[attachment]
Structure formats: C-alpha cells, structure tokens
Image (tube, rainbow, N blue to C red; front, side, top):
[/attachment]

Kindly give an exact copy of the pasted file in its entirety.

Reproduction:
Structure formats: C-alpha cells, structure tokens
Image (tube, rainbow, N blue to C red; front, side, top):